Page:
6. The Structure of Dhrupad Performance

A customary full performance of Dhrupad—whether in vocal or instrumental music—is in two portions: the alap, an extended melodic improvisation exploring the mood of the raga being performed; and the dhrupad or dhamar—a composition set to a distinct poetic text with pakhawaj accompaniment.

The alap itself goes through three stages known as alap, dugun, and chaugun in vocal music, or alap, jor, and jhala in instrumental music. The simple alap explores the distinctive melodic features of the raga without recourse to rhythm. The alap begins with the tonic, Sa—of the middle octave—as its center. The artist generally begins by moving downward, note by note, exploring the lower octave, sometimes finally reaching a distinctly dramatic point by touching the deep tonic of that octave.

After exploring the lower octave, the artist moves up into the middle octave in improvisations which set new, progressively higher watermarks, ultimately reaching another dramatic stage by ascending to the tonic—Sa—of the highest octave. The gradual, progressive ascent is what is most dramatic about the Dhrupad alap, and the longer the artist can sustain creativity in keeping the listeners engaged, the more liberating is the resolution in reaching the highest octave.

Next comes the dugun (literally, double) alap, in vocal music—the jor in instrumental (and so called in some vocal traditions as well)—in which there is the introduction of a slow, regular pulse. Here the artist traverses—now with a rhythmic component—somewhat the same melodic range covered earlier. The notes come more frequently now, and to the drama of ascent is added the power of a gradually accelerating rhythmic effect.

At some point in the dugun alap/jor, the double pulse bursts into a quadruple pattern, and the chaugun (literally, four-fold) alap begins in vocal music and the jhala in instrumental music (again, also so identified in some vocal traditions). At this point the rhythmic element comes to dominate over the melody, with increasingly complex phrases, ornamentation and rhythmic patterns standing in distinct contrast to the elegant calm and simplicity of the beginning alap. In some traditions the dugun/chaugun/jor/jhala sections are called nom-tom, from two of the syllables used to articulate the rhythm in this section.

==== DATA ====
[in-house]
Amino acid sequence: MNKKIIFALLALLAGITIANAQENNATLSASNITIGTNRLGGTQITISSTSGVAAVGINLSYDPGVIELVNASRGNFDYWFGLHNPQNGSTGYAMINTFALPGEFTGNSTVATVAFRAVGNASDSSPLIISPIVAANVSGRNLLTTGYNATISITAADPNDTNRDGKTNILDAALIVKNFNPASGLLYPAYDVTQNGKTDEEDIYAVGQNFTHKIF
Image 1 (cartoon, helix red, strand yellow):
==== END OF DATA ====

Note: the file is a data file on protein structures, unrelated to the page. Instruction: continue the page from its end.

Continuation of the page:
The performance of the raga concludes with the bandish, or song composition, set with pakhawaj (barrel drum) accompaniment to one of the distinctive Dhrupad talas. A bandish composition in a seven, ten, or twelve-beat tala is called a dhrupad, while a song in the fourteen-beat dhamar tala is known eponymously as a dhamar. The performance of the song consists of a straightforward statement of the fixed composition, which is traditional and may sometimes be extremely old, dating, as noted above, back to the time of Tansen. The song itself consists of two to four parts based on verses of the poetic texts: the four parts are known as the asthai, antara, sanchari, and abhog. Once two or more of these parts have been stated in their fixed form, the singers engage in a dramatic improvisatory process known as bol-bant (word-division), in which the words are used in increasingly complex and richly syncopated rhythmic patterns (which play against the powerful cross-rhythms of the pakhawaj) to conclude the performance of the raga.

It should be noted that the performances on the site pages of this Web site are greatly abbreviated for ease of access. A full Dhrupad performance of a raga is usually at least a half hour in length and may last up to two or more hours, in a gradual unfolding of improvisational creativity. Longer performances may be heard on the recordings listed in the discography.

-- Brian Q. Silver

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